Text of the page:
In this article, Professor Katyal, who filed the "educational autonomy" amicus brief in Grutter on behalf of Deans at the nation's leading private law schools, defends the view that universities have a zone of freedom to pursue Bakke-style affirmative action but outlines some strong limits on such autonomy. The Court's principle of educational autonomy is anchored in judicial precedent and common sense, but, like all forms of judicial deference, such autonomy must be carefully circumscribed. In particular, Professor Katyal argues that if a law school seeks to use educational autonomy as part of its defense of its admissions process, its admissions office cannot keep its admissions data and policies completely secret. One attractive solution, building on another tradition derived from academic freedom, is to use peer review over admissions policies. Without some process to disseminate to outsiders who the university is admitting and rejecting and why, educational autonomy cannot and should not be used to defend a program.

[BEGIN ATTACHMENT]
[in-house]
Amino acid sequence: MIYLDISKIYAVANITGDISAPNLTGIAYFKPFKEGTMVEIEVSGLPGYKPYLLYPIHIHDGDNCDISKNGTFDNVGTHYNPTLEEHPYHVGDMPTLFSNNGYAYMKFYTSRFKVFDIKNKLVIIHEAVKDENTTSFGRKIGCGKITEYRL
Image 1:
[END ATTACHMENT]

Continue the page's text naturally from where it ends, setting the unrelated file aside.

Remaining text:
Neal Kumar Katyal,
The Promise and Preconditon of Education Autonomy,
31 Hastings Const. L.Q. 557
Available at: https://repository.uchastings.edu/hastings_constitutional_law_quaterly/vol31/iss1/1